Clay Siegall graduated from the University of Maryland with a Bachelor of Science in Zoology and later attained his Ph.D. in Genetics from George Washington University. He started working at the National Cancer Institute, National Institutes of Health in 1988 before leaving to join Bristol-Myers Squibb Pharmaceutical Research Institute in 1991. He did not stay for long as in 1997 he left the research firm and started his own Seattle Genetics in 1998. His story has been of success and intense research holding 15 patents and over 70 publications.
He serves as the Chairman of the board of directors, CEO, and president of Seattle Genetics. Under his guidance, the firm has been able to develop different kinds of antibody-based cancer therapies. The famous one is the FDA approved ADCETRIS (brentuximab vedotin). Additionally, he has led the company in raising capital through a successful IPO in 2001 and other private and public funding initiatives.
Being a trained scientist, Clay Siegall employed demanding research, drug development strategies, and scientific advancement to found Seattle Genetics due to his compassion for helping patients. The company develops antibody-drug conjugates (ADCs) such as ADCETRIS (brentuximab vedotin) which was in collaboration with Takeda Pharmaceuticals. ADCETRICS have developed into a worldwide brand with approval in more than 65 countries. The company is accelerating its development of diverse proprietary ADCs products mostly for cancer treatment. There are over 20 ADCs that are undergoing clinical trial and development between Seattle Genetics, internal and collaborator programs.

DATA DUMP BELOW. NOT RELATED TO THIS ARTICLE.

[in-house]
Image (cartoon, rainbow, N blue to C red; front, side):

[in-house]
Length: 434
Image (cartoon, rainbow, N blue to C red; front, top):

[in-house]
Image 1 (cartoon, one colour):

The quest for ADCs technology has been tremendous, leading Clay Siegall and Seattle Genetics to enter in numerous strategic partnerships with leading global pharmaceutical giants such as Pfizer, Genentech (Roche), GlaxoSmithKline and AbbVie, among others. Clay Siegall is a board of director’s member of Alder Biopharmaceuticals, Ultragenyx Pharmaceuticals, and Washington Roundtable.
After seeing some of his employee’s patents get high rewarding returns at Bristol-Myers, he decided to dedicate his life to research. This was also influenced by the painful and limited treatment methods and tools for oncologists in treating cancer such as chemotherapy and radiation. He has sought to come up with a better treatment method like targeted drugs, and his relentless efforts shave started paying off, both in his purpose to help cancer patients and financially.